Looks like progressive billionaire George Soros may finally get to pay the gargantuan tax bill he’s always wanted to send to the IRS.
In an article we published on April 29 illustrating how House Speaker Michael Madigan (D-Chicago) and the public sector unions have had far more clout, and for far longer, than newcomer Gov. Bruce Rauner (R-Ill.), we received quite a lot of click-throughs, shares and comments from readers – one of which even claimed that the often vilified Koch brothers are the “sugar daddy” behind Rauner with a Huffington Post link discussing Charles and David Koch’s net worth.
Suffice it to say, one look at the Illinois State Board of Elections campaign filings reveals no financial support for Rauner from Charles and David Koch.
But what we also revealed in Wednesday’s article is how progressive billionaires like Michael Bloomberg, George Soros, Tom Steyer, James Simons and Illinois’ own Fred Eychaner collectively outspent their Republican counterparts $108.2 million to $31.5 million in the last election cycle according to the Sunlight Foundation. (Click to enlarge)
On the heels of that comes a breaking story that’s received coverage on Bloomberg, Forbes and Fox News thus far detailing how Soros may have to pay the Internal Revenue Service (IRS) up to $6.7 billion (yes, billion with a “b”) in owed taxes.
George Soros may soon face a monumental tax bill — of nearly $7 billion — after years of playing hard-to-get with the IRS.
Despite Soros having advocated for higher taxes on the wealthy, the liberal billionaire reportedly has delayed paying his own for years thanks to a loophole in U.S. law.
That loophole was closed by Congress in 2008. But before that, Bloomberg reports, Soros used it to defer taxes on client fees. Instead, he reinvested them in his own fund, and they grew tax-free.
Bloomberg, citing Irish regulatory filings, reported that Soros has made $13.3 billion in this way. Factoring in the various tax rates that would apply, one tax expert estimated this would leave Soros with a roughly $6.7 billion bill.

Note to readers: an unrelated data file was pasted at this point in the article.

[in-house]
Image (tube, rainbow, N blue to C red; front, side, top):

While Soros did not comment on the estimate, Bloomberg reported that Soros deferred his taxes for so many years by reinvesting client fees. While he technically was able to do this for U.S.-based funds, offshore funds were apparently preferred because otherwise clients would face negative tax implications.
Congress closed that loophole in 2008, ordering fund managers to pay up by 2017.
According to Bloomberg, Soros moved assets shortly before the change to Ireland, seen as a possible shelter from the law. But tax attorneys told Bloomberg they don’t know of a way for money managers to avoid the bill in 2017.
Soros, evidently, allocated $7.2 billion of operating income to investors as distributions on profit participation notes through his company, Quantum Ireland, which is based in the country that serves as the biggest corporate tax haven in the world with a mere 12.5% corporate tax rate. Most, if not all, of the notes were held by Soros’s tax-exempt Open Society foundations. Last year, Soros shut down Quantum Ireland and moved the deferred income to a new entity incorporated in the Cayman Islands.
By the time the new company in the Caymans was set up, Soros had reportedly deferred $13.3 billion in fees. If tax on those fees actually does come due in 2017, as it should by statute, Soros’ tax bill would hit nearly $7 billion. That’s assuming a top marginal rate of 39.6%, plus that pesky 3.8% net income investment tax (NIIT), plus state and local taxes. Of course, that’s also assuming all of the deferred fees hit the U.S. at the same time without further reductions.
The irony here is palpable, considering Soros has funded countless liberal think tanks and non-profits that demand the rich “pay their fair share” in taxes.
We’ll continue to monitor the media coverage on this, particularly to see if the broadcast TV news networks (whose audiences are growing) bother to mention any of this as often as they’ve spotlighted political donations from conservative billionaires like the Koch brothers or Sheldon Adelson.